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'Bless and keep the czar — far away from us!'

The sun shines on the Statue of Liberty in New York on Jan. 12, 2019.
The sun shines on the Statue of Liberty in New York on Jan. 12, 2019. (JOHANNES EISELE / AFP/Getty Images)

“Rabbi, rabbi,” asks the bewildered parishioner, “is there a blessing for the Czar?”

“Yes, my son,” the rabbi responds: “God bless and keep the Czar — far away from us!”

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The exchange, part of the opening number in the beloved musical “Fiddler on the Roof” occurs in a tiny Yiddish village, a shtetl, Anatevka, in pre-Revolutionary Russia.

But the Czar comes. A pogrom forces the entire shtetl to flee, and the musical ends as the villagers, with whatever belongings they could carry, exit stage left mournfully chanting “Anatevka, Anatevka.” We may suppose that many find their way to America.

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The Republicans are punishing Congressman Steve Smith over racists comments, but they created the hateful environment permeating the country by standing by as party leader President Donald J. Trump has run amok for months with racists insults.

My wife and I saw “Fiddler” recently at the Museum of Jewish Heritage at the tip of Manhattan. We have seen it on stage and in film many times. But this production was entirely in Yiddish and thus especially authentic. One needn’t accept uncritically “Fiddler’s” celebration of Jewish tradition to be profoundly moved by it, as was I.

The musical fed my outrage at my country’s current anti-immigrant hostility. And it brought home the truth that the folks the actors portrayed were my ancestors — my people. The same people George Washington promised in a letter written to a small Hebrew congregation in Newport, R.I., that the United States of America “gives to bigotry no sanction, to persecution no assistance.”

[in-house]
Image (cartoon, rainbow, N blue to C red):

Before the performance, Sheila and I had dinner at a nearby restaurant. We were seated outside. Not a half mile offshore in the Hudson — close enough, it seemed, to grasp — stood the Statue of Liberty, the symbol of our country’s welcome to immigrants.

FILE- In this circa 1950 photo shows a bronze plaque of the poem by Poet Emma Lazurus on Statue of Liberty in New York. In 1903, the poem was engraved on the bronze plaque and mounted inside the pedestal's lower level. Senior White House aide Stephen Miller told reporters Wednesday, Aug. 2, 2017, that the poem written by Emma Lazarus about the "huddled masses" is not part of the original Statue of Liberty. Miller says the Statue of Liberty is a "symbol of American liberty lighting the world" and suggested the statue had little to do with immigrants. (AP Photo/File)
FILE- In this circa 1950 photo shows a bronze plaque of the poem by Poet Emma Lazurus on Statue of Liberty in New York. In 1903, the poem was engraved on the bronze plaque and mounted inside the pedestal's lower level. Senior White House aide Stephen Miller told reporters Wednesday, Aug. 2, 2017, that the poem written by Emma Lazarus about the "huddled masses" is not part of the original Statue of Liberty. Miller says the Statue of Liberty is a "symbol of American liberty lighting the world" and suggested the statue had little to do with immigrants. (AP Photo/File) (AP)